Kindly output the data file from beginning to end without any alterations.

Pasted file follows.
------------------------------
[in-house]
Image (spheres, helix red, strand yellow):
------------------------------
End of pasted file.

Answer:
[in-house]
Image (spheres, helix red, strand yellow):